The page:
Antlia constellation seen in the southern hemisphere
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Observing the starry sky, we very quickly learn the names of the constellations that adorn the sky. Many of us quickly notice large and familiar constellations, and are fascinated to think we have learned enough about these beautiful star clusters. However, there are also smaller constellations that adorn the sky. One of them is the Antlia constellation. This small group of stars is located in the southern hemisphere, and is best seen in mid-April. Abbe Nicolas Louis de Lacaille first drew Antlia in the 18th century. This constellation is not easy to find, and you need to be very focused to recognize the contours of Antlia. Observing the stars of this constellation, scientists have also discovered one exoplanet.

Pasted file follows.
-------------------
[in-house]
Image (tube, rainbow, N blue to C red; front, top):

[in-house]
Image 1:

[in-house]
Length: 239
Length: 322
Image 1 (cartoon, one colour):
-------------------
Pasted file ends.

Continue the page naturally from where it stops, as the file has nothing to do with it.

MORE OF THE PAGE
How big is Antlia

The constellation covers 239 square degrees. Because of this, Antlia is the 62nd largest constellation in the sky. The constellation has four main stars, and none exceeds 4 magnitudes. Antlia does not contain Messier objects. Therefore, you may think that this is a less interesting constellation. But it’s not. In the direction of the Antlia region, you can find several interesting deep space objects. At a distance of approximately 4.3 million years, there is a dwarf galaxy. In giant clouds, at a distance of approximately 25 million light-years, lies the spiral galaxy NGC 2997. These are beautiful space objects. However, it takes a lot of patience to find them.



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